Todd Scott lived in east Baltimore’s Latrobe Homes public housing as a child. Standing in Eager Park, about a mile from there, Scott could hardly believe the difference in the area since he was a kid.
Speaking during a ceremony celebrating the start of construction on town homes in the second phase of The Townes at Eager Park on Wednesday, Scott, who lives with his wife and children in a home built during the first phase, was still in disbelief of the building going on in the East Baltimore Development Inc. area around Johns Hopkins Medical Campus.
“We have a Starbucks. A Starbucks!” Scott, who works for the Maryland Department of Housing and Community Development, said with a smile.
The second phase of construction will deliver 34 single-family town homes between the end of this year and 2019. The houses, like those in the first phase, will cost between $280,000 and roughly $300,000 depending on options selected by owners. The homes in what’s now called Eager Park feature one-car rear entry garages, brick fronts and, depending on finishes, will provide roughly 2,000 square feet of space.
The 49 town homes in the first phase started construction in late 2015, delivered last year, and have all sold. Forty of those units sold on a single day, Michael Greenebaum, of developer Greenebaum Enterprises said, as part of Johns Hopkins’ Live Near Your Work program. There’s already a waiting list for the second phase, some of which will front onto park area.
Townes at Eager Park is Greenebaum Enterprises first major development in Baltimore. The Baltimore County-based company has primarily tackled projects in Baltimore’s suburbs and Washington. Greenebaum Enterprises’ most prominent work in the area is the massive mixed-use Maple Lawn community in Howard County.
The east Baltimore project has a sentimental tie for Greenebaum. His father, the developer and philanthropist Stewart Greenebaum, who died last December, started his business with rental homes in the city. He recalled his father telling the story about having to evict a tenant in Baltimore, where with tears in his eyes he removed a crib from a house, and vowed “never again.” Bringing new investment to an area of the city once burdened with blight, he said, “brings a tear to your eye.”
“Now it’s really a high-quality of life here and it’s pretty remarkable to see this renaissance,” Greenebaum said.
So far about 500 new and rehabbed housing units have been delivered, EBDI President and CEO Raymond Skinner said. Another 400 units, including the 34 town homes under construction, are expected to be built in the next three years. About 30 percent of the residences, he said, will be categorized as affordable housing.
Johns Hopkins, the Annie E. Casey Foundation and the city are partners in the EBDI project. The EBDI nonprofit, which on its website states the organization’s goal as aiming to “re-energize and rebuild the East Baltimore,” is shepherding redevelopment efforts. The project is backed by more than 30 financial partners including Bank of America, Baltimore Community Foundation and M&T Bank. Forest City-New East Baltimore Partnership is the project’s master developer.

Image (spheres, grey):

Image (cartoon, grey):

Developers have already built 600,000 square feet of office space and 38,000 square feet of retail with tenants, such as Walgreens, Atwaters, and the aforementioned Starbucks. Last October, LSH GE Gateway 2 LLC, Greenebaum Enterprises, Pyramid Hotel Group and the Marriott Corp. opened the $84 million, 15-story, 200,000-square-foot Residence Inn Baltimore at The Johns Hopkins Medical Campus.
At full buildout, the $1.8 billion project on roughly 88-acres of land in what was called the Middle East neighborhood is expected to provide 1.25 million square feet of commercial space, 1,850 housing units and 130,000 square feet of retail space.
EBDI has not been without its share of problems and controversy. The project started in 2001 but work all but halted following the 2008 financial collapse. Meanwhile, the relocation of more than 700 mostly poor black residents and the demolition of roughly 600 homes to make way for new building resulted in activists calling the project gentrification.
Lawrence Brown, a professor at Morgan State University, has been a vocal critic of the EBDI development and the city’s development strategy overall. Despite some differences in how the reshaping of the neighborhood happened, such as less traditional market forces being in play because of subsidies to Hopkins employees to live in the area, he said the result is still gentrification.
“It’s everything you would say gentrification is classically,” Brown said.
In 2011, The Daily Record published an investigative series by Joan Jacobson and Melody Simmons highlighting issues with the project’s transparency, the displacement of residents and the struggle to attract bio-tech park tenants. EBDI responded in a letter alleging the series was flawed by “an unfortunate lack of understanding of the facts and a lack of openness to information.”
Following the ceremonial shovel turning, Scott said he believes the development is paying off for the neighborhood. His school-age children attend the Henderson-Hopkins Elementary School built as part of the redevelopment, they’re friends with kids who live in nearby affordable housing, he said, and residents are building an economically blended community.
“This is something that should be used for an entire case study that other communities from across the country can use. It’s phenomenal,” Scott said.